Sunday, February 12, 2012

Project RTFM

I've been doing some more reading, as part of what I'm calling Project RTFM (getting round to reading my unread books), and I've read a few RPG-related ones. Firstly, "Ready Player One", a novel by Ernest Cline. I've been reading quite a few novels lately, but this is by far the most entertaining.

It's a sci-fi story set in the mid-21st century where almost everyone spends most of their time in OASIS, a virtual reality world that's like Second Life, Facebook, and World of Warcraft all put together. The creator of OASIS died an eccentric recluse with no friends or family, and his public will left his vast fortune to the first user to find the Easter Egg he hid inside OASIS. The catch: the Egg is hidden behind layers of crazy-hard obscure puzzles, the only clues buried in the trivia of his lifelong obsessions: classic videogames and the pop culture from his teenage years - the 1980s. A subculture of egg hunters ("gunters") immerse themselves in the lore of these subjects hoping to find the jackpot, but several years on, none have made any progress at all.

The story's about a teenage gunter who figures out the first puzzle, becomes the first name on the online scoreboard, and finds out that with so much at stake it's not just a game anymore. The novel is as much a homage to the 80s and geek culture (including D&D) as it is a virtual-world treasure hunt, and has a feel like the action-adventure movies of the era that it references (and the references are many - Ghostbusters gets quoted just a few paragraphs in and it keeps going from there). To any gamer old enough to remember the 80s, I can't recommend this book highly enough.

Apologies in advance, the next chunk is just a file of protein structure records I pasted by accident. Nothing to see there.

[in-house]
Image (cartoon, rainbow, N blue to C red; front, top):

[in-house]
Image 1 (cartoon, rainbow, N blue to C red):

I'm currently reading "Designers & Dragons" by Shannon Appelcline, a history of the RPG history. The research and scholarship that's obviously gone into it is astonishing, and the writing style is pitch-perfect, with enough opinion and personality to keep it from being dry, but not so much as to detract from it's credibility as a proper historical text. The only major weakness is the editing, with too many typos, and in one case I noticed a sidebar-quote had been duplicated (thereby erasing whatever the second quote was supposed to be). The book has no index, but that has apparently been released free online. It's a bit on the pricy side, but the reason becomes clear upon seeing it: it's a weighty leather-look black tome with a visual style somewhere between an encyclopedia and a grimoire.

The book is organised by company, and of course I began with the first, TSR, with their rollercoaster from founding the whole hobby and making D&D a household name, to being run into the ground and falling - twice - to the brink of bankruptcy. I already knew some of the specifics, but the book filled in plenty of gaps that I didn't know about. I've found myself wondering what "might have been" when reading a lot of this, including the story of West End Games, who nearly avoided their demise in the mid-90s (and what might have then happened to the Star Wars licence), and of course the young Wizards of the Coast (before Magic: the Gathering) who just barely survived the infamous lawsuit from Palladium with the help of mediation from within the gaming industry, and what would've happened if Wizards hadn't been around in '97 to save TSR with their CCG money.

I recommend Designers & Dragons to readers interested in the history of RPGs, specifically the business side. The details of the actual games themselves are fairly thin, but the stories of the companies and people who made them make fascinating reading in their own right.

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